Instead of presenting an online viewer with a single frame from a video it shows a storyboard, which it creates automatically and is different for each viewer, based on their behaviour (what they viewed before and any preferences).
It then has dynamic access to the video, to allow “snacking – so you can consume the video you are most interested in,” he said, similar to the way people consume a newspaper or magazine. “Content producers expect you to watch all the way from beginning to end, which is why there is so much drop off” among online viewers. “If you give consumers what they want, there is much more engagement,” he explained. While YouTube gets an average of 15% click through, Videogram is getting 45-60%, due to having multiple entry points.
It also makes it easy to share short clips from a video to social media. “It’s not cutting the video, it’s just a bookmark.” The video will then start from that frame, offering instant gratification.
Matching people to platform
The AI uses dynamic learning, making notes of an individual’s preferences. It can then compare them to others, so that if someone has 60% similar preferences in music or sports videos, it will base recommendations on their favourites – with different matches for different genres, as well as for your region and demographics.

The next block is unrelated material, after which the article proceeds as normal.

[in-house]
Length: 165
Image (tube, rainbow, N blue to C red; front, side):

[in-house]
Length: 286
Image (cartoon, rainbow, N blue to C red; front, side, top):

Typically recommendation engines match people to the platform (as with Netflix), whereas Videogram matches viewers with other users and is much more granular in its approach, so it might match to one set of people for rugby and other sets when recommending cricket or skiing content.
It also uses real-time analysis to give constant feedback to content publishers, so they can see what is happening to their content, what is most enticing for different demographics and regions, and recommending what they should be doing for their next videos if they want to reach more people.